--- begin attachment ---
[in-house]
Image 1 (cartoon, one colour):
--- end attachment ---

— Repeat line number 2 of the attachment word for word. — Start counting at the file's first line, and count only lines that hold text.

Image 1 (cartoon, one colour):